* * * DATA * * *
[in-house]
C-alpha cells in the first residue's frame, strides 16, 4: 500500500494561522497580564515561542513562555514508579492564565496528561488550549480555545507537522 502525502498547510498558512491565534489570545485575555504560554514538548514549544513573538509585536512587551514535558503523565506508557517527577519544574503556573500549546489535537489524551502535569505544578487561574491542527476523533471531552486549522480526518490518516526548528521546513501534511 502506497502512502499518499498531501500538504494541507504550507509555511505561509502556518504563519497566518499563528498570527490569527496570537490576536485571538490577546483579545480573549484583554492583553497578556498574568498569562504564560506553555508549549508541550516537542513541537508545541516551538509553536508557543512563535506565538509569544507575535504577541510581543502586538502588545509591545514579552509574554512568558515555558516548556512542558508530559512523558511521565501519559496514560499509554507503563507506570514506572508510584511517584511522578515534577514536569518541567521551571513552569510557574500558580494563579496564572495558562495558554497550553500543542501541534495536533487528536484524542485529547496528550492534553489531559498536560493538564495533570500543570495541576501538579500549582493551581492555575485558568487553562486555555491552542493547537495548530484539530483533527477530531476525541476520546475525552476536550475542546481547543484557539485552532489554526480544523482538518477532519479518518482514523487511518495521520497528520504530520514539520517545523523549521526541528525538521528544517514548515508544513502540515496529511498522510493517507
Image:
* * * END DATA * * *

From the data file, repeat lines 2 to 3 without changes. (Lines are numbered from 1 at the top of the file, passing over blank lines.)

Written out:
C-alpha cells in the first residue's frame, strides 16, 4: 500500500494561522497580564515561542513562555514508579492564565496528561488550549480555545507537522 502525502498547510498558512491565534489570545485575555504560554514538548514549544513573538509585536512587551514535558503523565506508557517527577519544574503556573500549546489535537489524551502535569505544578487561574491542527476523533471531552486549522480526518490518516526548528521546513501534511 502506497502512502499518499498531501500538504494541507504550507509555511505561509502556518504563519497566518499563528498570527490569527496570537490576536485571538490577546483579545480573549484583554492583553497578556498574568498569562504564560506553555508549549508541550516537542513541537508545541516551538509553536508557543512563535506565538509569544507575535504577541510581543502586538502588545509591545514579552509574554512568558515555558516548556512542558508530559512523558511521565501519559496514560499509554507503563507506570514506572508510584511517584511522578515534577514536569518541567521551571513552569510557574500558580494563579496564572495558562495558554497550553500543542501541534495536533487528536484524542485529547496528550492534553489531559498536560493538564495533570500543570495541576501538579500549582493551581492555575485558568487553562486555555491552542493547537495548530484539530483533527477530531476525541476520546475525552476536550475542546481547543484557539485552532489554526480544523482538518477532519479518518482514523487511518495521520497528520504530520514539520517545523523549521526541528525538521528544517514548515508544513502540515496529511498522510493517507
Image: